This unusual London home, made up of hexagonal spaces, has been extended with a sympathetic copper façade. 

rees architects bethnal green ashington house - extensions - grand designs

Image: Chris Snook

In the 1960s, when low-cost high- density housing was all the rage, the late architect Noel Moffett came up with Ashington House in Bethnal Green, London, a brutalist six-storey block based on the Giant’s Causeway in Northern Ireland. 

Homes constructed from hexagonal units were the signature of Moffett, however, Greater London Council rejected his original plans for Ashington House which was to be made entirely of stacked hexagons. Instead, Moffett produced an asymmetrical design of quadrangles with varied floor levels, concrete buttresses and covered staircases staggered throughout. 

rees architects bethnal green ashington house - extensions - grand designs 

Image: Chris Snook

Part of the development included two homes at street level for disabled tenants, one of which has been extended by Rees Architects, both on the ground floor and by adding a third hexagon to the second storey in the form of a copper cube which has an umber hue to fit in with the tone of surrounding dark brown brickwork.

rees architects bethnal green ashington house - living space - extensions - grand designs 

Image: Chris Snook

‘Our goal for the design was to complement the surroundings of the building and not be too outlandish,’ explains Rees Architects, ‘but at the same time enhance both the building and the neighbourhood.’ The challenge of creating something that maintains the home’s privacy, while also offering something of architectural interest for passersby. 

 kitchen in ashington house by rees architects - extensions - grand designs

Image: Chris Snook

Inside, the hexagonal angles define every room - each interacting in a unique way with the angled walls and finding its own form within the unusual walls. From the upstairs and downstairs hallways, you can glimpse into different rooms, each with its own kaleidoscopic corners.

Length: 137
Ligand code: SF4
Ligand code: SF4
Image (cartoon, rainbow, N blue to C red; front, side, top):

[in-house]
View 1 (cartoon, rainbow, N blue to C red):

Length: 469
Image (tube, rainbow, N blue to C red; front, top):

What do you think of this unusual hexagonal home? Share your thoughts with us by tweeting us @granddesigns or post a comment on our Facebook page.

 

MORE ARTICLES

Inside a London home extension inspired by Japanese tea houses

4 self-build houses on awkward plots

Studio Ben Allen's clever design adds an extra bedroom to this compact London flat

Kevins Column

Grand Designs Live: Ask an Expert Weekend 22-23 May 2021

Discover free home project advice and product recommendations from the comfort of your own home. Register now to express your interest.
gdlonline
tigg-coll-house-for-theo-oskar
Extensions

Tigg + Coll design accessible extension for residents with limited mobility

The architects behind this home won a design competition to create a home extension for two young boys with a degenerative illness that affects their...
copper-cube-extension-bethnal-green
Extensions

Rees Architects extend a hexagonal, brutalist home in Bethnal Green

This unusual London home, made up of hexagonal spaces, has been extended with a sympathetic copper façade. 
how-to-reduce-the-carbon-footprint-of-your-extension
Extensions

Top tips for reducing the carbon footprint of your extension

When planning and building your extension make sure to consider what impact it will have on the environment.
will-gamble-parchment-works
Extensions

Explore this extension set among the ruins of a parchment factory

Explore this unique extension, which was built amongst the ruins of an old parchment factory adjacent to a family home.
corten-steel-rear-extension-hampshire
Extensions

Tour this Corten steel-clad rear extension in Hampshire

Take a look at this impressive rear extension to a Victorian property, designed to provide a work from home space alongside a new kitchen.
a-london-extension-inspired-by-japanese-tea-houses
Extensions

Inside a London home extension inspired by Japanese tea houses

This stylish home extensions takes inspiration from a Japanese Shoji screen